Book Review: Making the Monster: The Science Behind Mary Shelley’s Frankenstein by Kathryn Harkup
By Angie BarryNovember 15, 2019
In Making the Monster, bestselling author and chemist Kathryn Harkup does a deep dive into Mary Shelley’s life and the historical events and scientific theories that influenced her greatest work.
For two hundred years, it’s been one of the most evocative, potent names in literature. It instantly conjures up images of sparking electrical instruments, laboratories and graveyards, mad scientists, and huge hands covered in stitches. It’s become a shorthand for science, medicine, or technology gone wrong. It’s the cautionary tale of what happens when man dares to play God, and was the progenitor of the entire science-fiction genre… Frankenstein.
And we can thank OG Goth Girl, Mary Shelley, for all of it.
How did a teenager create a work of fiction that has enthralled, inspired, and terrified for two centuries? Like the infamous monster of her creation, stitched together from an assortment of fragments, Mary’s novel took a collection of oddments from her own life and weaved them together to make a work much greater than the sum of its parts.
Mary Shelley was alive at a time of new opportunities for women in terms of education. Despite being born into a scandalous family set-up on a very restricted income, Mary had an enviable, though unconventional, childhood… filled with books and spent in the company of writers, artists, scientists, and philosophers. It was no surprise, and was perhaps even expected, that Mary would become a writer.
What no one could have predicted was that she would produce a creature like Frankenstein’s monster…
Whether you’ve read the novel or merely watched one of the more than 400 movies, TV shows, or plays inspired by it, you know most of the story. The scientist who goes too far, robs graves, and stitches disparate body parts together into a monstrous man that returns to life. How the scientist’s refusal to take responsibility for his creation leads to catastrophe for everyone around him, as his quest for scientific knowledge ends with murder, horror, and terrible suffering.
But do you know just how Mary Shelley came to craft such a powerful, immortal tale that’s equal parts science-fiction and Gothic horror?
Kathryn Harkup does. A biography, historical journey, and scientific treatise all rolled into one, Making the Monster starts long before Mary Shelley is even born, setting the stage by exploring many of the advancements, experiments, and discoveries in the era of Enlightenment that would later come to bear on Mary’s work.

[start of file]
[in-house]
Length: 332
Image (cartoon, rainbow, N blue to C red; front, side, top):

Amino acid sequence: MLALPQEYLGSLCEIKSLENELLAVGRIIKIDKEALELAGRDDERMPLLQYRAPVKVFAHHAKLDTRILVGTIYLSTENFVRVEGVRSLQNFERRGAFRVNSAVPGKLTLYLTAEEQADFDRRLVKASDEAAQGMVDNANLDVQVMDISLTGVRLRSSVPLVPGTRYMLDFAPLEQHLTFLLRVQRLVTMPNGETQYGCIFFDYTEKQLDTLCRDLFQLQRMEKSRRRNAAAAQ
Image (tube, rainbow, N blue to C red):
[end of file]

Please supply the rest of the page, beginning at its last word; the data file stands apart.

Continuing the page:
We’re given brief biographies of her parents—the great philosopher/author William Godwin and his wife and intellectual equal Mary Wollstonecraft, a foremother of feminism—as well as her husband Percy Bysshe Shelley.
And, of course, time is spent on the infamous gathering at Villa Diodati in the “Year Without Summer”:
Byron’s challenge to write a ghost story was taken up enthusiastically by everyone at Villa Diodati. But of the five stories that were started, only two were ever completed, and to everyone’s surprise, it was not the established writers, Byron and Shelley, who made the most lasting contributions. It may not have produced much in quantity, but a simple, light-hearted challenge to alleviate the boredom of a miserable summer produced two of the most recognizable figures in Gothic and horror fiction: Frankenstein’s monster and the vampire.
However, the real meat of Harkup’s book is devoted to the factual, often surprising, science that went into Mary’s novel. From natural philosophy to galvanism to the packed lectures on anatomy made possible by bodysnatchers… From early attempts at transplants to the stages of decomposition and real-life physical anomalies like acromegaly (which can manifest as gigantism or misshapen facial features), Harkup charts the myriad oddities and marvels that Mary stitched together to breathe life into Frankenstein.
Woven throughout is commentary on the numerous obstacles the young author had to overcome, as well as the crushing heartaches and losses she faced that certainly contributed to the novel’s tragic tone. Making the Monster does a fine job of humanizing a figure who has assumed a mythic quality in both pop culture and the literary world; Harkup never makes light of Mary’s prodigious accomplishment, but she also reminds us that she was once a feeling, breathing woman.
(Harkup also debunks many of the apocryphal anecdotes that can’t be verified by primary sources or definitively happened after Frankenstein’s publication. Clearly, this is an author who has done her homework very carefully.)
Accompanying Harkup’s eloquent prose are classic illustrations and artwork, a downright impressive timeline listing important historical events in relation to Mary’s life, and a thorough bibliography for further reading. Making the Monster is a must-read for any diehard Frankenstein or Mary Shelley fan, as well as anyone passionate about picking apart the inspirations of great stories. If you thought Mary was extraordinary before, you’ll appreciate her even more after reading this. It’s a fitting tribute to the clever teenager who used her morbid, fertile imagination to give birth to one of the world’s greatest monsters.